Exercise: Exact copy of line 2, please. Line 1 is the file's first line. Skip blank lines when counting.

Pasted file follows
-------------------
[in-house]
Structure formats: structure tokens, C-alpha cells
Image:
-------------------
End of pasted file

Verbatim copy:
Structure formats: structure tokens, C-alpha cells